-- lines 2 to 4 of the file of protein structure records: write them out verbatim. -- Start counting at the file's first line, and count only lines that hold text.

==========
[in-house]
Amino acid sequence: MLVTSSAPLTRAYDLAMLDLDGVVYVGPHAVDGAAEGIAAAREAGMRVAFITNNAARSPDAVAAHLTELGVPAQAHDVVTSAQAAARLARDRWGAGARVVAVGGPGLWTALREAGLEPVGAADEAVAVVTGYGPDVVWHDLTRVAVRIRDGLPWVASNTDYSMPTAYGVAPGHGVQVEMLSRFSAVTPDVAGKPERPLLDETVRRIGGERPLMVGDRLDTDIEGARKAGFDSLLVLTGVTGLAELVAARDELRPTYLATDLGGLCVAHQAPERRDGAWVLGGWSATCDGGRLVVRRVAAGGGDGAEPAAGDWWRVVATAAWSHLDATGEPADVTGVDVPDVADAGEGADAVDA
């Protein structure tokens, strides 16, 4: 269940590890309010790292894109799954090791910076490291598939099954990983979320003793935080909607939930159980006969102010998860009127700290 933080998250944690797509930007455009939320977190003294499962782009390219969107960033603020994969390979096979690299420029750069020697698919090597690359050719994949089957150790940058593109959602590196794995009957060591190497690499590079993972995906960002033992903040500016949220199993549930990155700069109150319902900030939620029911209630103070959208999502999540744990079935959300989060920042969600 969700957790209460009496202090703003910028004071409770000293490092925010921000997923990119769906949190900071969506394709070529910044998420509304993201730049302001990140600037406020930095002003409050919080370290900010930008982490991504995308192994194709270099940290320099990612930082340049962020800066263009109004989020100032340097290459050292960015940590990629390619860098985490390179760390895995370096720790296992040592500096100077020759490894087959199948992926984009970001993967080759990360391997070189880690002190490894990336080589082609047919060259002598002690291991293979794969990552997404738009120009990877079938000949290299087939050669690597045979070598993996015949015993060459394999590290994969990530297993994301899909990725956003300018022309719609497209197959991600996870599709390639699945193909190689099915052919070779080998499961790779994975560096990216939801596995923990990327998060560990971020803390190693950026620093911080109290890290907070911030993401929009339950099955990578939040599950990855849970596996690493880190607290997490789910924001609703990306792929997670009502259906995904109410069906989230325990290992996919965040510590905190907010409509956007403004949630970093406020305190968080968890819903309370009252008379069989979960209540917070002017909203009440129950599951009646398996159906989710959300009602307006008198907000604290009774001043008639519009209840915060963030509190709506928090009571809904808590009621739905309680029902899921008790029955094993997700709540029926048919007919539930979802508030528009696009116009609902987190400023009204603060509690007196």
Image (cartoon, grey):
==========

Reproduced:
Amino acid sequence: MLVTSSAPLTRAYDLAMLDLDGVVYVGPHAVDGAAEGIAAAREAGMRVAFITNNAARSPDAVAAHLTELGVPAQAHDVVTSAQAAARLARDRWGAGARVVAVGGPGLWTALREAGLEPVGAADEAVAVVTGYGPDVVWHDLTRVAVRIRDGLPWVASNTDYSMPTAYGVAPGHGVQVEMLSRFSAVTPDVAGKPERPLLDETVRRIGGERPLMVGDRLDTDIEGARKAGFDSLLVLTGVTGLAELVAARDELRPTYLATDLGGLCVAHQAPERRDGAWVLGGWSATCDGGRLVVRRVAAGGGDGAEPAAGDWWRVVATAAWSHLDATGEPADVTGVDVPDVADAGEGADAVDA
């Protein structure tokens, strides 16, 4: 269940590890309010790292894109799954090791910076490291598939099954990983979320003793935080909607939930159980006969102010998860009127700290 933080998250944690797509930007455009939320977190003294499962782009390219969107960033603020994969390979096979690299420029750069020697698919090597690359050719994949089957150790940058593109959602590196794995009957060591190497690499590079993972995906960002033992903040500016949220199993549930990155700069109150319902900030939620029911209630103070959208999502999540744990079935959300989060920042969600 969700957790209460009496202090703003910028004071409770000293490092925010921000997923990119769906949190900071969506394709070529910044998420509304993201730049302001990140600037406020930095002003409050919080370290900010930008982490991504995308192994194709270099940290320099990612930082340049962020800066263009109004989020100032340097290459050292960015940590990629390619860098985490390179760390895995370096720790296992040592500096100077020759490894087959199948992926984009970001993967080759990360391997070189880690002190490894990336080589082609047919060259002598002690291991293979794969990552997404738009120009990877079938000949290299087939050669690597045979070598993996015949015993060459394999590290994969990530297993994301899909990725956003300018022309719609497209197959991600996870599709390639699945193909190689099915052919070779080998499961790779994975560096990216939801596995923990990327998060560990971020803390190693950026620093911080109290890290907070911030993401929009339950099955990578939040599950990855849970596996690493880190607290997490789910924001609703990306792929997670009502259906995904109410069906989230325990290992996919965040510590905190907010409509956007403004949630970093406020305190968080968890819903309370009252008379069989979960209540917070002017909203009440129950599951009646398996159906989710959300009602307006008198907000604290009774001043008639519009209840915060963030509190709506928090009571809904808590009621739905309680029902899921008790029955094993997700709540029926048919007919539930979802508030528009696009116009609902987190400023009204603060509690007196």
Image (cartoon, grey):